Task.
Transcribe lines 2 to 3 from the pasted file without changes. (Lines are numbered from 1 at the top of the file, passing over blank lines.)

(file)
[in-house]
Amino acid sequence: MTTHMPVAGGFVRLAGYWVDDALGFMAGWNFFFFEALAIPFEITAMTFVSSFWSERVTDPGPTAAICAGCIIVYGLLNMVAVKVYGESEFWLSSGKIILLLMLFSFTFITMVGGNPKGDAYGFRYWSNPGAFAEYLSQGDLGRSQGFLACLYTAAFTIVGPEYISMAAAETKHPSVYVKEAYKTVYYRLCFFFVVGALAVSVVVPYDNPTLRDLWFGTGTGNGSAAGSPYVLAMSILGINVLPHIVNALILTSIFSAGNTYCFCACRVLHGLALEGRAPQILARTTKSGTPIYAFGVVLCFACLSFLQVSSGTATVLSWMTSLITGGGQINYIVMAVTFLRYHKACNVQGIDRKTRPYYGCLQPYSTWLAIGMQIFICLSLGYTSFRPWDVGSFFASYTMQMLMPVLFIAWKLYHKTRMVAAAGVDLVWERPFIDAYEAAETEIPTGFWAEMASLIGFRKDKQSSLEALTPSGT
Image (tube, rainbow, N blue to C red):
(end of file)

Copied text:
Amino acid sequence: MTTHMPVAGGFVRLAGYWVDDALGFMAGWNFFFFEALAIPFEITAMTFVSSFWSERVTDPGPTAAICAGCIIVYGLLNMVAVKVYGESEFWLSSGKIILLLMLFSFTFITMVGGNPKGDAYGFRYWSNPGAFAEYLSQGDLGRSQGFLACLYTAAFTIVGPEYISMAAAETKHPSVYVKEAYKTVYYRLCFFFVVGALAVSVVVPYDNPTLRDLWFGTGTGNGSAAGSPYVLAMSILGINVLPHIVNALILTSIFSAGNTYCFCACRVLHGLALEGRAPQILARTTKSGTPIYAFGVVLCFACLSFLQVSSGTATVLSWMTSLITGGGQINYIVMAVTFLRYHKACNVQGIDRKTRPYYGCLQPYSTWLAIGMQIFICLSLGYTSFRPWDVGSFFASYTMQMLMPVLFIAWKLYHKTRMVAAAGVDLVWERPFIDAYEAAETEIPTGFWAEMASLIGFRKDKQSSLEALTPSGT
Image (tube, rainbow, N blue to C red):